If you're looking for a way to turn poor people away from the fight against obesity, I think New York City, which wants to bar the use of food stamps for soft drinks, has found it:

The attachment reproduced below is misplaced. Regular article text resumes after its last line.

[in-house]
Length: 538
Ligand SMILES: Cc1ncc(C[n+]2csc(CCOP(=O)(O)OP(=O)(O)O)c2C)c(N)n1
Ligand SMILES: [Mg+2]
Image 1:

Medical researchers have increasingly associated the consumption of sugar-sweetened beverages with weight gain and the development of diabetes. Over the past 30 years, consumption of sugary beverages in the United States has more than doubled, in parallel with the rise in obesity, to the point where nearly one-sixth of an average teenager's calories now come from these drinks.Some 57 percent of adults in New York City and 40 percent of children in New York City public schools are overweight or obese. The numbers are especially high in low-income neighborhoods, where people are most likely to suffer the devastating health consequences. One in eight adult city residents now has diabetes, and the disease is nearly twice as common among poorer New Yorkers as it is among wealthier ones. Diabetes rates in the low-income neighborhood of East New York, for instance, are four times those in affluent Gramercy Park.And substantial health care costs arise from this trend: obesity-related illnesses cost New York State residents nearly $8 billion a year in medical costs, or $770 per household. All of us pay the price through higher taxes.Every year, tens of millions of federal dollars are spent on sweetened beverages in New York City through the food stamp program -- far more than is spent on obesity prevention. This amounts to an enormous subsidy to the sweetened beverage industry. To correct this, New York City and State are asking the United States Department of Agriculture, which administers the food stamp program, to authorize a demonstration project in New York City.The city would bar the use of food stamps to buy beverages that contain more sugar than substance -- that is, beverages with low nutritional value that contain more than 10 calories per eight-ounce serving. The policy would not apply to milk, milk substitutes (like soy milk, rice milk or powdered milk) or fruit juices without added sugar -- and its effects would be rigorously evaluated.